In the land of working poor
Paper short abstract:
The paper focuses on the social consequences of structural reforms implemented by the Abe administration which resulted in widening of the gap between rich and poor. The relatively new phenomenon of rising inequality is discussed in both theoretical and empirical approaches.
Paper long abstract:
During the last 20 years word "reform" came to be a common element in the vocabulary of Japanese politicians. In fact, the reform usually meant nothing more but the "regulatory corrections" related more to the political than economic agenda, and the applied economic policy was considered just as a "rescue act". However, the situation has changed since Abe Shinzo introduced his economic policy based on the concept of the three arrows aimed at the revitalization of the stagnant economy. While the mix of the monetary and fiscal measurements have produced some positive effects, the structural reforms, particularly the labour market one, have brought about the relatively new phenomena in Japanese society - economic disparity, rising inequality and increasing poverty. Although some academic studies disagree with the hypothesis that Japan has suddenly been transformed in a strictly divided society, it is obvious from various statistical data that the poverty rate has increased dramatically in the last few years. The number of the "working poor" who earn less than two million yen a year increased to 11.39 million and accounts for one out of every four workers since Abenomics was implemented. Meanwhile, the number of extremely wealthy people whose income exceeds 500 million yen a year went up 1,415 and the total income of these super rich was about 2.33 trillion yen. Indeed, in 2015 Japan (with China) had the fastest-growing HNWI populations in the world, which results from boosting stock values caused by implementing "aggressive" quantitative monetary easing measures. In my presentation I am going to discuss the problem of how the structural reforms of Abe administration resulted in a widening of the gap between rich and poor. I will focus particularly on the absence of the so-called "fourth arrow" of Abenomics, i.e. the relevant social policy including the long-term consequences.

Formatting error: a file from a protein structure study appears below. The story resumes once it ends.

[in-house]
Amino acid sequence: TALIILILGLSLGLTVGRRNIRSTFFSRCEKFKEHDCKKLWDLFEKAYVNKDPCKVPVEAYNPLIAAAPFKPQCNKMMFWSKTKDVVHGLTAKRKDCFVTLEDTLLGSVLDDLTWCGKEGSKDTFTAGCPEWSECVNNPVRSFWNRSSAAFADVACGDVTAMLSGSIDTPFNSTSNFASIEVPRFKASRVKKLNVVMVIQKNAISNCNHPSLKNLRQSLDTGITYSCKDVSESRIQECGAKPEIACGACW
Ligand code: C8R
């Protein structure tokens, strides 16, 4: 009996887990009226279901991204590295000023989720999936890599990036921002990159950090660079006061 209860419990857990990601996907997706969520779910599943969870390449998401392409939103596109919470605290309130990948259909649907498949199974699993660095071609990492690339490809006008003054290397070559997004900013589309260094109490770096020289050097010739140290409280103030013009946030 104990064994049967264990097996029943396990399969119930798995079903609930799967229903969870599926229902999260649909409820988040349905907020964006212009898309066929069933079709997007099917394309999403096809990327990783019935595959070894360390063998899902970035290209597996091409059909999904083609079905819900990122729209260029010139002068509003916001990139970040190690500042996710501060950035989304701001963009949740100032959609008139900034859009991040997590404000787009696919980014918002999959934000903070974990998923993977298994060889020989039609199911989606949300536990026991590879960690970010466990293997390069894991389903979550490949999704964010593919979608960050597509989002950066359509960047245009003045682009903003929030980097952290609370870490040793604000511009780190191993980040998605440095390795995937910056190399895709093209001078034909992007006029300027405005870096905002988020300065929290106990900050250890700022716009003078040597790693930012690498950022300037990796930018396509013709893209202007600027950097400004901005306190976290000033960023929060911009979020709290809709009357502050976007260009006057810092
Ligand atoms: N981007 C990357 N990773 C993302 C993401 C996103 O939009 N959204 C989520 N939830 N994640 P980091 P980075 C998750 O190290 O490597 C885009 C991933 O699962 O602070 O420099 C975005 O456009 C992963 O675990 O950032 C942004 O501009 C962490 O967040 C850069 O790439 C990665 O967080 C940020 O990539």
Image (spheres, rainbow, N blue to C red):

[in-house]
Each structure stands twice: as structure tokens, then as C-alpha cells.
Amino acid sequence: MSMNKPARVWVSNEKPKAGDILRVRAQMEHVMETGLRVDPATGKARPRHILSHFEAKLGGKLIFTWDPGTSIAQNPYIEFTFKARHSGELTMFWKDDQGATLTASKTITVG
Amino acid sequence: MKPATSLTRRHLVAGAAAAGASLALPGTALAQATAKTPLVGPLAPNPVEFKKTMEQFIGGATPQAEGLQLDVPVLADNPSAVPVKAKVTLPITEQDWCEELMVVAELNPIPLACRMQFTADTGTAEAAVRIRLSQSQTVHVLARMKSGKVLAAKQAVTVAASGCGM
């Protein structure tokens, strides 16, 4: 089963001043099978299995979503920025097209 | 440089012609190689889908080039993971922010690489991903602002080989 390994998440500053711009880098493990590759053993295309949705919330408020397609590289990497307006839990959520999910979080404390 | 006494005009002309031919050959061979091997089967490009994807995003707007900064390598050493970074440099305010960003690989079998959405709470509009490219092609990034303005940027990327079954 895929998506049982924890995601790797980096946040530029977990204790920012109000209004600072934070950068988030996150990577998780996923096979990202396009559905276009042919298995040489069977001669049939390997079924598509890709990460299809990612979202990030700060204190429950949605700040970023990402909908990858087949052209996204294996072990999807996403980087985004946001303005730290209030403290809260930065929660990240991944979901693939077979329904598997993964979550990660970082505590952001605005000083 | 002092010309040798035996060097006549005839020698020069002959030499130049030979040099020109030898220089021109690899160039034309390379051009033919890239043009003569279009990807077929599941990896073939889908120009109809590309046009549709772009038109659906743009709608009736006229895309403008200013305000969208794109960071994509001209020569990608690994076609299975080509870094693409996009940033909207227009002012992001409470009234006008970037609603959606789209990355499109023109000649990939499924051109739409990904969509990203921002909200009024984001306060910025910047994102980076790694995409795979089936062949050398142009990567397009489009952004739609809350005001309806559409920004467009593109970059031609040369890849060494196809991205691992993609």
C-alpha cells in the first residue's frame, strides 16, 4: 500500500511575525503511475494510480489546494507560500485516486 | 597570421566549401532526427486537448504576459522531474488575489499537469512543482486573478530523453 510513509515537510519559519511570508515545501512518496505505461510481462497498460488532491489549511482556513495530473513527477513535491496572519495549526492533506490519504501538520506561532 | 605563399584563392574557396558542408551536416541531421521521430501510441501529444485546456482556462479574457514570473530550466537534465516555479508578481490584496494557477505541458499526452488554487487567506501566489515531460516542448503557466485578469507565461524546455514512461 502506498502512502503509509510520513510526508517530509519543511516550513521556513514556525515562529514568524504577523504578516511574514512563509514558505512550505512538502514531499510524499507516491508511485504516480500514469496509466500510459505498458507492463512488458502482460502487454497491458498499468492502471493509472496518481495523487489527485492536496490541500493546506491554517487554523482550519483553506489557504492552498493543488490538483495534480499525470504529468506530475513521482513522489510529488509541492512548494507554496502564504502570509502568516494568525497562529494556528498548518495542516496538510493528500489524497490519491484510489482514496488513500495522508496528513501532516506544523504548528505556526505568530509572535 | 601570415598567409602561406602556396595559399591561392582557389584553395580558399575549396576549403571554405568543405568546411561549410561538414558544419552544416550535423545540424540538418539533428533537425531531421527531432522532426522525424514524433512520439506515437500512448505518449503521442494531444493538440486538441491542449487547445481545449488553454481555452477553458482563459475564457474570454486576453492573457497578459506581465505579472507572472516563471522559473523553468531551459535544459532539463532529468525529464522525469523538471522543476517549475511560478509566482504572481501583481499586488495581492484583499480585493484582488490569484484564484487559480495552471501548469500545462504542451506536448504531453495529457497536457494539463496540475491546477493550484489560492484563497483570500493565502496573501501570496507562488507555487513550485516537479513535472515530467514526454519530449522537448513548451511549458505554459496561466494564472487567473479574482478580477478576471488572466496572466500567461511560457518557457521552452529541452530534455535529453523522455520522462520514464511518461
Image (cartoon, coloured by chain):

Employment, labour markets and career structures